"Have you heard about the new ISO endorsement to the CGL? It might have a new sentence!"
Insurance is not as exciting as ... well, anything. But once in a while, we are graced with a bit of news that allows for a bit of gossip and guesswork that, if not exactly electrifying, at least makes things a bit more interesting. The announcement of the untimely departure of Brian Storms from Marsh is just such a bit of news.
Storms came into his leadership role at a time when our last exciting event, the Spitzer imbroglio, was waning. Marsh had some clear challenges in the wake of these events and Storms seemed like someone with the strong personality that could effect the necessary changes.
Recently, Storms shared his vision for the future with Risk and Insurance®. He outlined a way forward that included changing the focus of the brokerage more toward a value-added approach. He also sought to move Marsh away from insurance purchasing to more of a value consulting model.
Not huge change, but change nonetheless. Additionally, the personnel changes made under Storms' reign provided an endless source of water-cooler chat. Long-time Marsh employees were removed and replaced, in some instances, with professionals from the financial sector. This was a real departure from the incestuous hiring model we are accustomed to.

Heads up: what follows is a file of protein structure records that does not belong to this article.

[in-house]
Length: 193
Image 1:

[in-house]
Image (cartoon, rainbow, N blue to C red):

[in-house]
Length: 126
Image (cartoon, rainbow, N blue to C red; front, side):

Marsh could be heading back to the old model. According to the word on the street, the short list of applicants hoping to fill the vacancy at the top of the Mash hierarchy includes a former Ace CEO, an AIG executive, an executive from Ace, a former Marsh CEO and two current Marsh executives. Of course, this list, being hearsay, could be entirely inaccurate.
I hope that it is. It would represent a return to the days that led up to the Spitzer probe. True, this is a small industry, but the tight relationship between Ace, AIG and Marsh is at least partially what led to the ordeal in the first place. Re-establishing this cross-pollination would be poor judgment.
What would be more disappointing is a signal that Marsh is retreating to the past. Not that it will return to contingent commissions and questionable bid practices. It is doubtful that those will be seen under any future leader of the brokerage behemoths. No, the danger is that things will simply return to the same old hidebound and reactionary refusal to change.
The reason that a bit of gossip is so welcome is that the insurance industry doesn't change.
Whether Mr. Storms could have changed anything will obviously remain unanswered. But at least while he was publicly discussing a more value-based brokerage model, including looking at risk management as a business advantage, there was hope for change. Now the only hope is that his replacement will be willing to change the game.
It is a real shame because the current system ignores the huge opportunities for risk management. The pool of available earnings in the broader risk management world is increasingly vast. They could increase their earnings by expanding their definition of risk, or they could continue to spend large sums fighting to steal market share from each other. Change in the broker model--now that would be exciting news.
is the risk management columnist for Risk & Insurance®. He manages risk for Sun Microsystems Inc.
December 1, 2007
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